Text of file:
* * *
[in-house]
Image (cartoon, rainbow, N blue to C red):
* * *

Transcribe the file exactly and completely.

[in-house]
Image (cartoon, rainbow, N blue to C red):